Friday was a stilt night. I wore my 'stache and hat and walked around most of the time with the stilts on. This time around, I got a really good hold on hopping up and down on one foot, and when it came time to get to my car (which was parked quite a bit away from the train station), I was able to do a sort of staggering, lumbering run. I think running without stilts would have been a little faster at this stage, but it was still an accomplishment, especially after the wine and Unknown Punch. I did have my second fall, but it was on the dance floor, which I did not realize was covered with a light film of booze. I fell very slowly and gracefully and was not hurt in the slightest. I don't know how this seems to happen, since I never practiced falling in the first place!
I did get an almost-blister on the back of my heel from the one-legged hopping, though. Maybe I'll wear doubled socks in the future.
Saturday and Sunday I took off from fun. Well, I still had fun, but it was the introvert-preparing-for-extroversion kind of fun. I exercised, bought stuff that I'll be needing for the next week, caught up on some television, did a little bit of computer gaming and put some energy into crafting. I'm making a not too complex red hat out of cardboard and duct tape. Getting the math right is a bit of a pain, but I made a decent amount of progress, and after tonight's work I may have enough done to do the parts of the costume that involve buying things. I got a coffee maker and some coffee for the nerds next weekend, and I added a bit more to my geek music set (ye gods, how could I forget about Little Shop of Horrors!?).
Since the middle of the month, I've been working towards my health again. I've been doing anywhere vaguely between 150 and 450 pushups per day (the rate has been gradually trending upward as time progresses), which seems to be well within my comfort zone (*and it pretty much allows me to each unlimited quesadillas and maple/sugar oatmeal!!), and I think I'll be looking pretty good to hang out with all the pretty nerds next weekend. With luck, all the ones that I like will have sex with me all at the same time*, but hopefully not during the times when I need to serve people coffee and waffles.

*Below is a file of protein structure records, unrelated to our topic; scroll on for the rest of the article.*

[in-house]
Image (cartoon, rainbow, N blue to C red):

There's more stuff, but I'm too sleepy to internally organize data right now.
* I still get the subconscious impression that people who go to fetish events are not actually interested in sex. This is why I'm trying to push more of the geek aspect, because it seems like geeks have more of that predisposition.
Ahhh, the bizarrity of it all -- this year and last, I've been diving into costume making, and I've set up this strange pattern where I exercise my creativity throughout the year then suddenly, come October, lose my drive and have to wait for the system to reset. Naturally, this is the time when I should most be making a costume, but I guess I'll have to work around this somehow. So far, I'm just recycling some of my costumes from the year. I do have an idea for a costume brewing now (with some reservations, I can easily buy or craft everything for it, now that I've done some reconnaissance), but I don't know if I can get it done this week, especially since I have a midterm.
I went to a party last night. It was an interesting "balancing act of terror and acceptance"*. I have this interesting problem where my reserves of small talk can usually be fit into a shot glass. I often mask this by wearing odd outfits to give people something obvious to chat about, though it can sometimes put me in the awkward situation where I'm just talking about myself the whole time. I also have difficulty where I recognize faces but cannot map them correctly to names. I had a very embarrassing situation where I met somebody, chatted with them briefly then realized that they were not the person I thought they were. I also had difficulty visually identifying the host of the party, even though he seems like a very recognizable fellow.
But, ah well. I had my first stilt-fall at the party, and it was an extremely light fall (because it was into a non-fiery part of a fire pit). I was helped up promptly, which was really cool. Besides that, I got to meet a few people I hadn't seen in several years, which was nice. One of them even came up to me and said that I (in a small but poignant way) made a difference for her back when we were in college in the SF Forum. At the end of the night, I got to see Keith Locke, who is just generally on my list of cool** people, and I did not embarrass myself in front of him like I did at the last of these particular parties. :D
So, yeah, not bad. Now I'm gonna go get some sleep so I can study for that midterm and maybe toss together plans for that costume. :)
* That's how William Shatner described his stance on mortality in a recent interview with readers of Slashdot.org.
** Generally you get on this list by seeming like an exceptionally nice person and/or by doing things that make people happy